In part 1 we got collected a bunch of information about what the individual is actually going to be capable of due to lifestyle factors and training history, etc, etc.
Now we need to actually see them lifting.
If your viewing them in person its much better, as some simple cues maybe able to fix most of the issues you see straight away. Now if the person is a beginner as in has no idea how to execute lifts or their form is horrendous and its beyond a few simple cues to fix, then they don’t need a training program….. They need coaching! A program is not a magic manuscript that will magically transform your strength, a program is just a strategic way to manage fatigue from volume and intensity when the person is competent enough to execute the lifts in a very efficient manner.
If its an online client I’m writing a program for, I have them video the top 3-4 weights, not just the top set. This is so I can analyse their form breakdown and determine whether or not this is going to be purely a technical issue or they have some sort of muscular imbalance/weakness, and not just the main lifts, I like to see some footage of a few basic aux lifts as well, the execution of these can give a good indicator of why there may be muscular imbalances.
Also you can get an idea of what type of athlete the person is, if they are under-doing – will stop their max/max rep sets short, and you can clearly see by the bar speed and lack of strain how much more weight/reps were left. Over-doing they will be too emotionally invested in the lift or they will strain their fucking balls out with 26 seconds of pant shitting strain and the form breakdown will be at an all time high. Or they will get it spot on, a small amount of form breakdown, slowing in bar speed but still able to drive it through to the end and finish the lift.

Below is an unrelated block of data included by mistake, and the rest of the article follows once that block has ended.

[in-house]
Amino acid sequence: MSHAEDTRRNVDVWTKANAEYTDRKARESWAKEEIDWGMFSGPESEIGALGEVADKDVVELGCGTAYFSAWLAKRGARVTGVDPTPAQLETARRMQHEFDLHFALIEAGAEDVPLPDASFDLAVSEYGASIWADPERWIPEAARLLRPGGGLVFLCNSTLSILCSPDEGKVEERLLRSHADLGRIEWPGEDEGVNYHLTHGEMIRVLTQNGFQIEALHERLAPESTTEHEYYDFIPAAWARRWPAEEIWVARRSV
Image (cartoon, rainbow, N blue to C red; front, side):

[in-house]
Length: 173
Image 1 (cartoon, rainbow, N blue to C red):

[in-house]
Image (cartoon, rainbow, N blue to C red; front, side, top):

For example – if they have triple ply knee & elbow sleeves, 4 pairs of wrist wraps, 7 belts on to hit their top set of squats and their pre-lift routine is get punched in the face by 9 dudes after having watched some 8mm snuff film and drinking a litre of ammonia, then they are way emotionally invested in attempting a training lift..
Identifying the type of person and how they lift is going to determine how you manipulate the intensity. If the athlete is an over-doer and just did 26 seconds of ass splitting strain or ridiculously high emotional state and you use that number as his/hers 100% to base the programme percentages off, when in reality they were probably @110% then the accumulative fatigue at the end or mid training cycle will be extremely high and basically negate any supercompensation.
As for the under doer his/her percentages would need to come up a little as under training will also negate supercompensation. As for the seasoned athlete the numbers would be sufficient. So there could be 3 totally different outcomes from the one program just by not addressing how legit the testing weights are.
Identifying if it’s a technical issue or a muscular weakness will determine the exercise selection and or frequency of certain movements.
Technical – then more volume and frequency will need to be done on the lift or lifts that are suffering, this gives the athlete plenty of opportunities to correct the problem.
Muscular imbalance – then there may be a greater focus on lift variations i.e. pauses, different bars, stances/grips, chains/bands/boxes/boards, etc. or maybe a greater proportion of energy devoted to more volume/frequency on given bodybuilding/isolation movements to remedy the weakness.
Stay tuned for part 3…..